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Couch Surfing College Search: COVID-19 and AP testing

Photo by Denise Jans on Unsplash
Photo by Denise Jans on Unsplash

Of the many changes in the college search that the Coronavirus pandemic has introduced this year, the changes to the Advanced Placement (AP) testing program may be the most significant, and potentially lasting. Normally taken in person over several hours in May every year, each AP test will be dramatically shorter (45 minutes) and conducted online this year.

Here's a run down of what we know at this point, broken out into some FAQ's:

How will the exams be scheduled?

AP exams will NOT be on-demand, and will have set start times across multiple days from May 11-22. You can find the full schedule here. It is possible that you would have multiple AP exams on one day, although presumedly, the College Board has worked to minimize this. Makeup exams will be held from June 1-5.

How long will each test last?

45 minutes, plus an additional 5 minutes to review and upload answers, unless you have arranged for additional time, which the College Board has indicated will be automatically added. Given that the College Board is recommending that students login 30 minutes before each test to get set-up, having additional time (e.g., 1.5 time) may cause some tight timelines between tests, if a student does have back-to-back tests, so be aware and plan ahead.

How will test scoring work? Since the test is online, will we get the scores earlier?

Test scores will still be in the conventional 1-5 scale and will still be scored by college professors and AP teachers just as before. As such, you should still expect to receive your AP scores in July, just as before.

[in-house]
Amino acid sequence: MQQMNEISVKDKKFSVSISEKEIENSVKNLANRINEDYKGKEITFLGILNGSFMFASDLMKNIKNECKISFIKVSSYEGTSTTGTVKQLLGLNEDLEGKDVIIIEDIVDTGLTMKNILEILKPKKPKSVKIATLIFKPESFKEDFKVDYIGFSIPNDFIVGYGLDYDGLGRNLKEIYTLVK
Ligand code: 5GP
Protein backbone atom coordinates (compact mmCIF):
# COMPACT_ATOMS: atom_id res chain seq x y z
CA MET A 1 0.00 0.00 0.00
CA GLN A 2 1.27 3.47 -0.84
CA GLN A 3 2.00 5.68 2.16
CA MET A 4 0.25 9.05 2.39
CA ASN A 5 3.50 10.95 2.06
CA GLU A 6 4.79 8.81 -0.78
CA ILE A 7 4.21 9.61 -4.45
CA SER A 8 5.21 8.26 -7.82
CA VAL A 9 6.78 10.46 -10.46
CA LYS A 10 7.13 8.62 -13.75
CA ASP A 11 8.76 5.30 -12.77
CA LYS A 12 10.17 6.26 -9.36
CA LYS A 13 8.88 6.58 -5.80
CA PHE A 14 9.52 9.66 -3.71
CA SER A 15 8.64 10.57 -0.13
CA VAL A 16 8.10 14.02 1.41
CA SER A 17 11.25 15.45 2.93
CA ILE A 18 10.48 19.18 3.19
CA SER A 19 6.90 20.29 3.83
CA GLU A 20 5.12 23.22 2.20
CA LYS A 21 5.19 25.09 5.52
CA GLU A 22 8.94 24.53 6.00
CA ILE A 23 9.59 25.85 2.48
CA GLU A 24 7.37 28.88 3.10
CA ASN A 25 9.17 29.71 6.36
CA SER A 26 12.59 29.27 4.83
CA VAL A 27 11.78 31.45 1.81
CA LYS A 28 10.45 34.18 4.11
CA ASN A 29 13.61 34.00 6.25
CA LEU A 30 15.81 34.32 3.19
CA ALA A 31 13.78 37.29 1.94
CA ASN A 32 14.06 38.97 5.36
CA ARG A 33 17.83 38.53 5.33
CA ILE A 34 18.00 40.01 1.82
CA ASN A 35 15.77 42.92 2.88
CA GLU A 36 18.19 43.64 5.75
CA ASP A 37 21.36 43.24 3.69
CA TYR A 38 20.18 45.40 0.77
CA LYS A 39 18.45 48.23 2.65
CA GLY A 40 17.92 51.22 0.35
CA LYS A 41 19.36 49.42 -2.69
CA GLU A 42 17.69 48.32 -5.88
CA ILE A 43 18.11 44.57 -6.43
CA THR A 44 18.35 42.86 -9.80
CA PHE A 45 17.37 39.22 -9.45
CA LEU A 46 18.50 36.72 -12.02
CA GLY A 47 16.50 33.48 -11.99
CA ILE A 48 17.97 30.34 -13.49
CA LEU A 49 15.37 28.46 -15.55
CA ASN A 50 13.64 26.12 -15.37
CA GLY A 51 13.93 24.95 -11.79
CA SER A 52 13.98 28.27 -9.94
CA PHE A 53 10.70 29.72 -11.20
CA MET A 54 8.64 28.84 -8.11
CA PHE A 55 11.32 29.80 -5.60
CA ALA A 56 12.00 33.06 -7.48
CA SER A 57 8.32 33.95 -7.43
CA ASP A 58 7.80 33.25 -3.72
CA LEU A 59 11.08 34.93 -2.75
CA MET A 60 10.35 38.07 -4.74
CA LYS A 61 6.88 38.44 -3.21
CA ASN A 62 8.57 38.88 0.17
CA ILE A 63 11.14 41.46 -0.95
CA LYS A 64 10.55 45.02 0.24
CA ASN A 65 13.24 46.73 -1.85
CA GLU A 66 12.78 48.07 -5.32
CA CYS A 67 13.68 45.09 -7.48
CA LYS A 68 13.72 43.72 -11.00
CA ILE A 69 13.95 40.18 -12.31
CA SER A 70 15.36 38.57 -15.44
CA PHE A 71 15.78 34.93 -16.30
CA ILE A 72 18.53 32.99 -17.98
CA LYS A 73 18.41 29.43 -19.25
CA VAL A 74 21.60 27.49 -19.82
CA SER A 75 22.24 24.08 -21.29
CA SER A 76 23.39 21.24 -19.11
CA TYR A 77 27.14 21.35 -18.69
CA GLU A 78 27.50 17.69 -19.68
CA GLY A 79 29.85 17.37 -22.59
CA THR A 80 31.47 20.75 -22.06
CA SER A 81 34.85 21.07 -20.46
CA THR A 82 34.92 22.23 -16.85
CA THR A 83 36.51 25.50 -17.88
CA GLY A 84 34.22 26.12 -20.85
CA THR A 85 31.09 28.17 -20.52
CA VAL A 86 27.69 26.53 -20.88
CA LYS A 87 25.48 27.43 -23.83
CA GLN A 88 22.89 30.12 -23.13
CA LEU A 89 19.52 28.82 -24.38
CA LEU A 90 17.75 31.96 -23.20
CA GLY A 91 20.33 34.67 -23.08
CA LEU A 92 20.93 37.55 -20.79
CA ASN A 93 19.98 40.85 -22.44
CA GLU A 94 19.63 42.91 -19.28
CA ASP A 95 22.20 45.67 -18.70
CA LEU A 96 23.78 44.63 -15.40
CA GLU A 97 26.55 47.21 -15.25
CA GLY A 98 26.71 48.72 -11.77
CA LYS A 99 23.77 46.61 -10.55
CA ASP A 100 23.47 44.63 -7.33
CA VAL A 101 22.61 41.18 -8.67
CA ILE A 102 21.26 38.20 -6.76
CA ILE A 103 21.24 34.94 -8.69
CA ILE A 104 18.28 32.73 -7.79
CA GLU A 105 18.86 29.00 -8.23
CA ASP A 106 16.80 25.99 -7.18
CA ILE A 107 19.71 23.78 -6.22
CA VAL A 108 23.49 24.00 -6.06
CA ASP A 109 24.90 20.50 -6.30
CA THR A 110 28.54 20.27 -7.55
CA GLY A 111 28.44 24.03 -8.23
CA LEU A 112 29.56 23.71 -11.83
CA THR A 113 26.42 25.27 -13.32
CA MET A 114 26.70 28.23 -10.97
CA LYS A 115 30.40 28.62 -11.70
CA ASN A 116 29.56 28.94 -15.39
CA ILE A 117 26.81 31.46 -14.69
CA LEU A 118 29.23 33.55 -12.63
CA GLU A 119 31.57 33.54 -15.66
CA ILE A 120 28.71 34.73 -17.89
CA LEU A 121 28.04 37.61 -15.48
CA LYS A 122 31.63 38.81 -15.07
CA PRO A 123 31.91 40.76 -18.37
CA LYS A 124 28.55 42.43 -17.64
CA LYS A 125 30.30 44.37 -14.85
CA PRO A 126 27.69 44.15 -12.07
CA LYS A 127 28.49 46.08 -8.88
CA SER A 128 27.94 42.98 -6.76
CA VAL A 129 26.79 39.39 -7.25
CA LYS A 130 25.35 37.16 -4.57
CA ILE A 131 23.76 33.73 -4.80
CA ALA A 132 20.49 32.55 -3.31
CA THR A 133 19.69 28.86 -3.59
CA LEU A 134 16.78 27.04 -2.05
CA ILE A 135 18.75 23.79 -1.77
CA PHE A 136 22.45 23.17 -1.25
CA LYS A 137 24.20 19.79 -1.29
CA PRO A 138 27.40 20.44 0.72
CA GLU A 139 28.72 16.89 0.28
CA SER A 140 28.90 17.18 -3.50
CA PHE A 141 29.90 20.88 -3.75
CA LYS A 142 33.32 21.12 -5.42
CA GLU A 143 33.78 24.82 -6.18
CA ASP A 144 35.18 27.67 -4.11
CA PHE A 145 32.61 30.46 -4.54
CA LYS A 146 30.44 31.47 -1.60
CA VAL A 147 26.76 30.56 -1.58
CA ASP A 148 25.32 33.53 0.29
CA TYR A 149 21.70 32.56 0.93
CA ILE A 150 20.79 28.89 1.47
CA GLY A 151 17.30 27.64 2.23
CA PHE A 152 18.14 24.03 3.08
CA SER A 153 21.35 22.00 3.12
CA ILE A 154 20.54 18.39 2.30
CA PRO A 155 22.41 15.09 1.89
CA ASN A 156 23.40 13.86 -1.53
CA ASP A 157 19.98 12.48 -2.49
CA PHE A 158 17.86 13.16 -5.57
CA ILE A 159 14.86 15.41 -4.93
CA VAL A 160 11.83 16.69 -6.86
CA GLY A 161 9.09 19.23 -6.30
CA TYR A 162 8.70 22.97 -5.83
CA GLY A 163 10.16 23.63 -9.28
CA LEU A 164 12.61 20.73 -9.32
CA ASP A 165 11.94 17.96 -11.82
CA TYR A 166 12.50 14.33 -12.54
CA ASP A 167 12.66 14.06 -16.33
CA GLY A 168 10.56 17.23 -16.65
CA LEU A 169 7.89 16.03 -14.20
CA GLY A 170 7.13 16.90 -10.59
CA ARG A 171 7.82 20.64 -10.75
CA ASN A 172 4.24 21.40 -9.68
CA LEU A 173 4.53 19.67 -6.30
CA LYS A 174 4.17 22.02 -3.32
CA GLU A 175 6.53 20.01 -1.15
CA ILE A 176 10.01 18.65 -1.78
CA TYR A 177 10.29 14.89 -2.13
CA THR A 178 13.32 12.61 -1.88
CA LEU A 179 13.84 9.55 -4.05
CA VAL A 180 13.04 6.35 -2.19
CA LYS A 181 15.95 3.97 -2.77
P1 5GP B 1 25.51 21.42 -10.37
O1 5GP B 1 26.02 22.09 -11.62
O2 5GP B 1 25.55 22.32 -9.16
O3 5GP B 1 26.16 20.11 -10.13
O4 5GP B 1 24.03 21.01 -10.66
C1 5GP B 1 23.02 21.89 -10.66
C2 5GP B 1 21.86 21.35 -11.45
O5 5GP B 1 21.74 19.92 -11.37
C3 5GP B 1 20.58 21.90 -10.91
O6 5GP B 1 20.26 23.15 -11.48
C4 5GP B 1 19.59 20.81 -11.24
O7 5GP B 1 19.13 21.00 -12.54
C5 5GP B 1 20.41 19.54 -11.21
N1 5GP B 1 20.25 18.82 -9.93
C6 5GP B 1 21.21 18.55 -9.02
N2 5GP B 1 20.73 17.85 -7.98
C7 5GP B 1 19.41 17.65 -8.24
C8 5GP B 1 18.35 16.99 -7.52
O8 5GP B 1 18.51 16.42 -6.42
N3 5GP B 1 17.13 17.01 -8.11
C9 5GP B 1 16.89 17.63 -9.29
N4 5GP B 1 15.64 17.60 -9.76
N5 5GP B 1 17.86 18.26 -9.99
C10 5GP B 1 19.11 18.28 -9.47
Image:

What will be covered on the test if the AP course didn't finish?

Since AP course material only covered part of the year (through February in most cases) the College Board has indicated that the AP exams will account for that. In interviews, David Coleman, the CEO of the College Board has indicated that the exams will only "cover the first three-quarters of the course material."

Will the exam be open book/open note?

Yes, students will be allowed to consult their notes and other materials, however 1) the tight timeline of the exam will make this more difficult, and 2) students will not be allowed to consult with other individuals to seek assistance. The College Board has indicated that it is prepared with stout anti-plagiarism software and other security measures to address potential cheating.

Sometimes my internet goes down; what if that happens during the exam?

The College Board has indicated that they will be sending out ways for you to test your browser and internet connection in advance of the test dates. However, if disaster strikes during the test anyway, then you would look to participate in the retest dates.

Will colleges still accept AP exam credit?

The College Board seems confident they will, however there have been no official statements from any colleges, as of the date of this post.

Recently, the ACT and the College Board (which coordinates the SAT Reasoning Test and AP program) announced that they are working on at-home versions of their flagship college entrance tests. The online AP testing program will likely serve as a bellwether for how those programs might operate. Even though the College Board has indicated that it intends to return to in-person exams next year, it is reasonable to expect that this kind of testing approach is more likely here to stay. Watch this space.

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